I have heard some citizens recall when telephone numbers were 507-W or 409-J. After that when dial phones came about, the numbers were CA2-5464 then later just 222-5464. Some folks had party lines. Others just had nosey sisters or brothers who wanted to listen in on the extension or maybe use the phone to call their friends. “Ma-maaaaaaa, tell Sally to hang up the phone.”
Do you remember when clean washed clothes used to be hung on a clothes line in the back yard? A lot of grandmothers remember that. No wonder some woman probably (if I had to guess) invented “Pampers!”
Do you remember the tall smoke stack that was down on Central Street (now Tisdale Street) adjacent to the Farmers Market and the Andalusia Manufacturing Co. buildings? It had something to do with generating power in the old days. Someone climbed it one time in the 1920s and took a picture of downtown Andalusia toward the Court Square area. One could see the steeple of the old Methodist Church once located on Church Street in the picture. Now you know how Church Street got its name.
Does anybody remember how bustling downtown Andalusia was on Saturdays? The courthouse was open until noon. The ten cent stores did big business. The feed and seed and hardware establishments did a booming business since the “country came to town.” Remember the smell of baked bread and other bakery favorites drifting from the Brunson Bakery. This was before the days of air conditioning and the aroma of delicious doughnuts and cinnamon rolls filled the air space of downtown. That’s where birthday cakes and wedding cakes were artistically decorated by Aunt Carolyn Brunson Caton. Don’t forget the popcorn and hot dogs at Christo’s.
Rummage sales were often held on the seat walls in front of the courthouse – a good way to make some coins for the Saturday afternoon picture show and those concessions!
Who can remember when the post office was where the public library is today? Well, there was quite a ruckus when the post office and the powers that be in Washington announced that the new post office would be built on East Three Notch Street, several blocks away from Court Square. Businessmen were used to walking from their offices in and around the square for their daily checking of the post office boxes. How dare Washington make such an important change in the routine of so many!
Do any of the Alatex employees remember the swimming pool on the grounds of the textile plant? I would love to hear more stories about that.
This was before most of us were born, but it is said that there used to be a much bigger water fall at River Falls. One old timer said it may have been dynamited to build the Horse Shoe Lumber Company in that vicinity. And yes, convicts did work there. As a matter of fact, when the Flood of 1929 occurred, some of those convicts saved the lives of some of the head men. There was a commissary or a company store on the site. Some of those coins or tokens can be viewed at the Three Notch Museum on Historic Central Street in Andalusia.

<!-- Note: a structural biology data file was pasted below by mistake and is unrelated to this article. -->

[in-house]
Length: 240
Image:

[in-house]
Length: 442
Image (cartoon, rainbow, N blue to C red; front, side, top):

When they built the new bridge across the Conecuh River, a doctor was making a house call to River Falls late one night. Not thinking about the new bridge, Dr. Ray Evers followed the road as usual. Apparently, the old bridge was no longer. Maybe there was a barricade, maybe not. He was driving so fast, his car jumped the river and landed on the other side. Bless his heart! He made it. Dr. Evers practiced at the Hillcrest Infirmary later known as Columbia General Hospital. He built a nurses’ residence adjacent to the hospital. The building remains today and is now occupied by Picket Fence and Blue Goose Nursery.
Lastly, I will pose this question. Do you remember when most everybody attended church on Sundays? They always brought their Bibles. There was no question of “Well, I don’t think I’ll go today. Would rather stay home and rest.” Thinking back to those times of the late 1940s, 1950s, and 1960s, men had returned from a horrible war. Those that made it back were grateful and thankful to God. The generations before in Andalusia had helped to build the majestic places of worship in the downtown. Their pride in providing places of worship for the citizens of the small town inspired them to gather on the Lord’s Day. Some of those veterans helped to establish other neighborhood churches in town. That “greatest generation,” they will always be remembered for their many civic contributions, but especially for helping to make Andalusia what it is today when they came home from World War II. We take a lot for granted and forget many times about the sacrifices of those who came before us.
Readers, please excuse any mistakes in this column. I don’t mind being corrected. Hope you have enjoyed a walk down memory lane.
Sue Bass Wilson, AHS Class of 1965, is a local real estate broker, former choral music teacher, and long-time member of the Covington Historical Society. She can be reached at firstname.lastname@example.org.